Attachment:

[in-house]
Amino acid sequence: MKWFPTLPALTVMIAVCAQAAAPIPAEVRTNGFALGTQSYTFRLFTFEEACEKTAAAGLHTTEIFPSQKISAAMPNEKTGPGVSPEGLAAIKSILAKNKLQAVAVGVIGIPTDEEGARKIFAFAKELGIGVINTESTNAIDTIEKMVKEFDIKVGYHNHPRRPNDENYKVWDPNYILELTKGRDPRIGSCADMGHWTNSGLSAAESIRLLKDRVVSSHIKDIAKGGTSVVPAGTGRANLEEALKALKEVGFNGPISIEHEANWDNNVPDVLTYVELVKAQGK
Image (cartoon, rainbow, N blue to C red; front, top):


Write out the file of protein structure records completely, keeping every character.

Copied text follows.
[in-house]
Amino acid sequence: MKWFPTLPALTVMIAVCAQAAAPIPAEVRTNGFALGTQSYTFRLFTFEEACEKTAAAGLHTTEIFPSQKISAAMPNEKTGPGVSPEGLAAIKSILAKNKLQAVAVGVIGIPTDEEGARKIFAFAKELGIGVINTESTNAIDTIEKMVKEFDIKVGYHNHPRRPNDENYKVWDPNYILELTKGRDPRIGSCADMGHWTNSGLSAAESIRLLKDRVVSSHIKDIAKGGTSVVPAGTGRANLEEALKALKEVGFNGPISIEHEANWDNNVPDVLTYVELVKAQGK
Image (cartoon, rainbow, N blue to C red; front, top):